"If you want to be good at something you've got to make it more important"
That one phrase resonated more than most as Scott Johnson sought to explain why he believes that Scotland's players are not as bad as their run of just three wins – and those against mediocre opposition – in their last 14 matches suggests.
Perhaps inadvertently, he hit upon something that has been a problem within Scottish rugby for a decade and more. In these columns I have, in the past, described my irritation at the attitudes expressed by Scotland players at the 2003 World Cup and their response to observations made by David Campese ahead of the tournament.
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Having made his international debut in 1982, Campo had been part of an Australia side that completed the Wallabies' first successful grand slam tour of the British Isles in 1984. He was a key figure when they won the 1991 World Cup and enjoyed a magnificent 14-year Test career.
A true great, he sacrificed more than most to achieve those feats and his soundbites often spared anyone. His status was such, though, that, seven years after his career ended, he was considered sufficiently relevant to be asked to assess the 2003 contenders for an Australian newspaper. After duly offering his views on the other seeded sides, he summed up the Scots in withering fashion.
"They seem to enjoy themselves more off the pitch than on it," he observed.
Naturally, the media seized upon the apparent slur and put it to a string of senior Scotland players. None, apparently, were aware of Campo's comments yet the response was mantra-like, as if it had been prepared for them or agreed upon in committee. "If that's what he needs to say to make him happy then that's his problem," said one after another.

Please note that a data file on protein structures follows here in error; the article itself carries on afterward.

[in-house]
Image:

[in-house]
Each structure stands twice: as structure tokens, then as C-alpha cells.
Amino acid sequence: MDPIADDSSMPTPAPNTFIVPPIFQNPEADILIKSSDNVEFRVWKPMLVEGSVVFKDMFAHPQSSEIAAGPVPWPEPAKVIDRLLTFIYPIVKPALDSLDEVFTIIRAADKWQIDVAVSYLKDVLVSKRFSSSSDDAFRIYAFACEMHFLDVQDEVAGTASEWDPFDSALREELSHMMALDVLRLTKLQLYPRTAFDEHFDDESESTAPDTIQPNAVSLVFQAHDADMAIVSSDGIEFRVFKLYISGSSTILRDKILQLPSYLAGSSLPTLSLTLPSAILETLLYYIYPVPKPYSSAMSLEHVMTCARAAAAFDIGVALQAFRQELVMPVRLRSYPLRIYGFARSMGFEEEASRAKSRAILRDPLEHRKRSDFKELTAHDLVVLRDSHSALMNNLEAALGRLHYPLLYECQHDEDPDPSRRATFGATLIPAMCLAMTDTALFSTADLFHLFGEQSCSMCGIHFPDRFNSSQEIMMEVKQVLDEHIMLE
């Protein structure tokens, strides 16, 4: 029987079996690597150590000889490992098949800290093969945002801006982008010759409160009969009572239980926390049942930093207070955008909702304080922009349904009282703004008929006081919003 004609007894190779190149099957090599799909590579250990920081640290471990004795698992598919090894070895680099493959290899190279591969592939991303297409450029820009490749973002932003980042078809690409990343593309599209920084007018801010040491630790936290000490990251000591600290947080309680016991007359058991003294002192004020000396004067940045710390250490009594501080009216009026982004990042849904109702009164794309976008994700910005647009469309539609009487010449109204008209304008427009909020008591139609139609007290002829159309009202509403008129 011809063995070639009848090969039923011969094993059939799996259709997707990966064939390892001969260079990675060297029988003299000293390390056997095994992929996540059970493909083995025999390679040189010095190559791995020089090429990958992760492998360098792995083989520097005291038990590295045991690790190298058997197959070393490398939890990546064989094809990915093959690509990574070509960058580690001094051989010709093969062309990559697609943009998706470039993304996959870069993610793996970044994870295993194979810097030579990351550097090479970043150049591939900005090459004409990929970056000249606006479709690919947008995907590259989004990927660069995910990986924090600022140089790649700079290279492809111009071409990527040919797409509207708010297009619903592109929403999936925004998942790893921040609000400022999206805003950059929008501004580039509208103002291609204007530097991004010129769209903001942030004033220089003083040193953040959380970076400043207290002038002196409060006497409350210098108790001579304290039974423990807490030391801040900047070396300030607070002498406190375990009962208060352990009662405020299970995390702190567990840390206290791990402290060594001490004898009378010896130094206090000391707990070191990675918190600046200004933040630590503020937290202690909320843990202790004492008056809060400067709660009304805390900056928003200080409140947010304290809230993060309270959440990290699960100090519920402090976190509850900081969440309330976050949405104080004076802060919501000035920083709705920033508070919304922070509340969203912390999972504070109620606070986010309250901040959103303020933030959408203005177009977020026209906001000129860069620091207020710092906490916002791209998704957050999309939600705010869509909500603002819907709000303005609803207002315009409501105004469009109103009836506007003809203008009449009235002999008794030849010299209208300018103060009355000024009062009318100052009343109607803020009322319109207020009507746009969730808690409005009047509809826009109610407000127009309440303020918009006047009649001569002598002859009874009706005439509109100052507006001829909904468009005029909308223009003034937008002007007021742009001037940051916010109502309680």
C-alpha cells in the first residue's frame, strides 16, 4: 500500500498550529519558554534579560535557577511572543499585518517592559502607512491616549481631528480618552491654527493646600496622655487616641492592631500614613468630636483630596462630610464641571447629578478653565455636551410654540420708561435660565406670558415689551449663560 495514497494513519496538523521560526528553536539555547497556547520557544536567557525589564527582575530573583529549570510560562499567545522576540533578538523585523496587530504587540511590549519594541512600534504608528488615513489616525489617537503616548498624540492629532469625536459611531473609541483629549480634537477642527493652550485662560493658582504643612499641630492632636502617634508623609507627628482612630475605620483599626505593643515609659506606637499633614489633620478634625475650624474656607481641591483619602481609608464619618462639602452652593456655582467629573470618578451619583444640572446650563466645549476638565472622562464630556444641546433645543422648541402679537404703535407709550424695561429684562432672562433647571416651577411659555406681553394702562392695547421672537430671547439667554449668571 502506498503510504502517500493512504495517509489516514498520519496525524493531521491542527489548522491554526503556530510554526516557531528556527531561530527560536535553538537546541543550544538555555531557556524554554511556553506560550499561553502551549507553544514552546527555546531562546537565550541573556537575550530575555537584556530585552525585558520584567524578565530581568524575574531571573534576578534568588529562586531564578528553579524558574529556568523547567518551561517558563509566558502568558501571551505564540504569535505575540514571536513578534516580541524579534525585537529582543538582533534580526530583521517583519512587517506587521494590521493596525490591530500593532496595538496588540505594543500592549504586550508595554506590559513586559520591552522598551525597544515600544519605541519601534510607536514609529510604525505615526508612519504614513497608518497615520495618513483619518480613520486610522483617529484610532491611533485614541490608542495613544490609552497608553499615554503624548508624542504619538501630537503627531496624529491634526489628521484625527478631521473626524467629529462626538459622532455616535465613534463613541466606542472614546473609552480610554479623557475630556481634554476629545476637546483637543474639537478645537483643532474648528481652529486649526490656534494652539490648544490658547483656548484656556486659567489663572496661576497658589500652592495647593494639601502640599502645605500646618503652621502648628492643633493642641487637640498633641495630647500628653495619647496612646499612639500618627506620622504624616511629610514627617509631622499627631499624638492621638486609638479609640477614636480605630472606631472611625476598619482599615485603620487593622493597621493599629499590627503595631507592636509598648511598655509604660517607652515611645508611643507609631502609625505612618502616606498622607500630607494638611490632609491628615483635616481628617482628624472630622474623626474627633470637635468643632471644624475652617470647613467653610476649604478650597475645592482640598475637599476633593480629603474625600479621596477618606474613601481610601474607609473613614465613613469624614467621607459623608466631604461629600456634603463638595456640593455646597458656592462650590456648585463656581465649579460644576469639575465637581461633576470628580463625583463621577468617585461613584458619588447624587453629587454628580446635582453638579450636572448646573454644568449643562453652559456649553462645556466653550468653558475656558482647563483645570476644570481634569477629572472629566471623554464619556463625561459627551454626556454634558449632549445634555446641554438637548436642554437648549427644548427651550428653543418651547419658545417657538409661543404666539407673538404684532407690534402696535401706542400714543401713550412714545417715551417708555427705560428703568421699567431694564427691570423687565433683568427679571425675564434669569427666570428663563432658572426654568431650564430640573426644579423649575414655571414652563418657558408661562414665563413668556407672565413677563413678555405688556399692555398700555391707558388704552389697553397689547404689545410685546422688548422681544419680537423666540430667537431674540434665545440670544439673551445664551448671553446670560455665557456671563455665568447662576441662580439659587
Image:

It was an attitude that left some of us wondering seriously about the competitive mentality of Scottish players compared with their rivals at the elite end of the game.
A Scottish sporting great having coined the phrase that football was "not a matter of life and death, it is more important than that", it seemed that the new breed of rugby players were embracing that philosophy all over the world, but not in Bill Shankly's native land.
The following weeks were to be little better than an embarrassment for the 2003 squad as their antics became a near-nightly feature on a comedy programme devoted to the World Cup. By contrast, as Campo predicted, they offered considerably less on-field entertainment, scraping through their pool thanks to a last-gasp try by one of their few true professionals Tom Smith before being dumped unceremoniously by the hosts in the quarter-finals.
By 1999, the year of the national team's last major success, when Gary Armstrong led them to a Five Nations Championship win, attitudes seemed to be changing. The last of the grand-slam generation – those who brought glory to Scottish rugby in 1984 and 1990 – were drifting out of the game.
Back then there was increasing talk among those paid to represent Scotland at rugby about the "lifestyle" opportunities provided by their new profession.
Some of those who were most concerned with broadening their horizons remain prominent within the sport and you have to wonder just how much of an influence they have had on those they played alongside and who looked up to them. That is not to write off an entire generation, for all that, in the ensuing decade, Scotland have only once won more than one match in a Six Nations campaign.